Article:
In fourth grade I wanted to play cello,

but my brother told me to play with you instead.

I didn’t love your shiny and metallic voice,

but you weighed less,

you suited me better,

you fit snugly into my childlike hands.

I remember how much you meant to me in sixth grade.

You taught me how to listen to others,

how to let my voice ring,

how to sing.

In eighth grade I knew your voice.

I learned how to manipulate your pitch with the pegs,

how to match your tone to the drone of the tuning fork,

how to find your voice in every instrument.

But the more I knew you,

the more I wondered how long I would hold onto you.

In tenth grade your voice was clouded by petty qualms and competition.

After leaving the practice room and entering the stage,

I drifted from first chair to fourth

as the others continued to fight for prestige I didn’t understand.

Everyday, I set up the seats for rehearsal

the next game of musical chairs,

the conductor only controlling the tempo at which the game was played.

Everyday, I took you out of your bed and held you,

wiped the dust off your Mahogany skin,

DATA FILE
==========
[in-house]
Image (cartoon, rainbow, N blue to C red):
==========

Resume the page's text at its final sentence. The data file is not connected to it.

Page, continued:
rosined your sticky blonde hair,

just trying to pull what little sound was left

before I locked you in your ugly green coffin.

I slowly let go of you in twelfth grade.

I’m sure you knew when my fingers started lagging;

when your pegs started unfurling spontaneously and you could never stay in tune.

When the songs we sang had nothing to say

and our voice brought nothing to say about it,

I knew I needed to release you.

Sometimes I wonder how our life would have been

if I continued to let the calluses on my fingertips harden,

if I kept sitting back straight on the edge of my seat,

if I let the bruise you left on my neck darken,

if I held on.

You may have become too heavy for my childlike hands,

but I hope the person I gave you,

the girl we met in front of the bookstore who barely knew how to hold you,

the girl who begged her mother to drive hours to take you home,

the girl I gave you to,

pours everything out of herself

to unlock what was sealed within your body,

unravel what was woven into your core,

and release your voice.

My body has finally healed from your scars,

but your sound still resonates in my spirit,

your sound is still part of my voice.
Sam Lee’s poem “To Ezra, My Violin” won third prize in the Seventh Annual School of Visual Arts Writing Program Contest. Sam is a freshman BFA Design major. Her short story “A Story From the Sidewalk” is also published in this issue. Sam is from Columbus, Ohio and has a dog named Mochi who is her personal muse. When Sam isn’t doing design work, she is working on her small clothing brand (@oofofficialoof), eating snacks with friends, or contemplating what to cook for dinner.